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I’ve seen tiger moths on the prairies, but never in my backyard! I read in my Peterson’s Field Guide to Moths that this species depends on dandelions and clover as host plants for its larvae–or caterpillars. Another reason to not treat our yard with chemicals.

The four of us gently lifted the egg carton out of the bucket and watched as it flew into the gray-headed coneflowers.BackyardGE72520WMgrayheadedconeflowerliatris.jpg

Moth identification is tricky; I’m learning a lot from the Moths of the Eastern United States Facebook Page and my field guide. Buguide.net is also a terrific resource, and iNaturalist, a free app for my phone, did a lot of legwork getting my moths identified—at least to genus. But like learning dragonflies or damselflies or any insect, the more you learn, the more you realize you don’t know.

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Such an exciting adventure—the realization that a lifetime will not be  long enough to discover all there is about moths.

Each moth needs a particular plant or several specific plant species in order to survive. Every time I choose to put a host plant in my garden for moths—or leave a “weed” that they depend on for survival like clover or dandelions—I increase the chances of a more healthy and diverse moth population in my little corner of the world.BlackeyedSusanHinsdalePrairieWM72520.jpg

The night is full of amazing creatures. Now, I’ve met a few more of them. Just think of what you might find in your backyard prairie patch or your favorite prairie….after dark.

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Artist Vincent Van Gogh (1853-1890) whose quote opens today’s blog is considered one of the  most influential painters of all time. His paintings have commanded some of the highest prices at auction in the world, and his painting, “Starry Starry Night” inspired a song by musician Don McLean. Listen to it here.

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All photos and video copyright Cindy Crosby and taken in Cindy’s backyard, unless otherwise noted (top to bottom): Big bluestem (Andropogon gerardii), Hinsdale Prairie remnant, Hinsdale, IL; compass plant (Silphium laciniatum), Hinsdale Prairie remnant, Hinsdale, IL; rattlesnake master (Eryngium yuccifolium), Hinsdale Prairie remant, Hinsdale, IL; bee balm (Monarda fistulosa) with silver-spotted skipper (Epargyreus clarus); Peterson’s Field Guide to Moths; bee balm (Monarda fistulosa) with snowberry clearwing moth (Hemaris diffinis), Schulenberg Prairie, The Morton Arboretum, Lisle, IL; video of hummingbird clearwing moth (Hemaris thysbe) with non-native petunias (Petunia sp.); homemade moth trap; moth board with painted stinky bait; sheet moth lighting for mothapalooza; REI half-dome tent; Orange Wing moth (Mellilla xanthometata); Woody Underwing moth (Catocala grynea); Giant Eucosma moth (Eucosma gigantica); Venerable Dart moth (Agrotis venerabilis); Harnessed Tiger Moth (Apantesis phalerata); blazing star (Liatris sp.) and gray-headed coneflowers (Ratibida pinnata); rosin weed (Silphium integrifolium); black-eyed susans (Rudbeckia hirta), Hinsdale Prairie remnant, Hinsdale, IL.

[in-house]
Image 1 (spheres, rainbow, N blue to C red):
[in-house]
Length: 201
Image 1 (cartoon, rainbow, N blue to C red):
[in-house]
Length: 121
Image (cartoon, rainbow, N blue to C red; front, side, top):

Thanks to Trevor Dean Edmonson who is my moth mentor! Any moth mis-identifications will be happily corrected; I am a rank beginner with moths, and delighted to learn whatever I can.

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Join Cindy for an online class!

Last call for “Tallgrass Prairie Ethnobotany Online” –through The Morton Arboretum! Did you know the prairie was once the source of groceries, medicine, and love charms? Join Cindy for two Friday mornings online, July 31 and August 7, (9-11 a.m.) and learn how people have used and enjoyed prairie plants through history — and today! Spend the week in between on your own, exploring and identifying plants on the prairies of your choice. Register here.

“Tallgrass Prairie Ecology Online” –begin a new session in September! Work from home at your own pace (with suggested assignment deadlines) for 60 days to complete the material, and meet other prairie volunteers and stewards on the discussion boards and in the optional Zoom session. Register here.

Just released! Chasing Dragonflies: A Natural, Cultural, and Personal History. Chasing Dragonflies Final Cover 620.jpg

Order now from your favorite indie bookstore such as the Morton Arboretum Store and The Bookstore of Glen Ellyn, or online at bookshop.org and other book venues. Order direct through Northwestern University Press and receive 40% off this new book and/or “The Tallgrass Prairie: An Introduction”— use coupon code SUN40 through the end of July. Thank you for supporting small presses, bookstores, and writers during this chaotic time.

Want more prairie? Follow Cindy on Facebook, Twitter (@phrelanzer) and Instagram (@phrelanzer). Or enjoy some virtual trips to the prairie through reading Tallgrass Conversations: In Search of the Prairie Spirit and The Tallgrass Prairie: An Introduction.  

After Dark with Prairie Moths

“It was as if someone had taken a tiny bead of pure life and decking it as lightly as possible with down and feathers, had set it dancing and zig-zagging to show us the true nature of life.” –Virginia Woolf